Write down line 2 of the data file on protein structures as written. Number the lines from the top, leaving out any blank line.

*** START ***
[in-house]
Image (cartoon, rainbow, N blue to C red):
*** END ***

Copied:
Image (cartoon, rainbow, N blue to C red):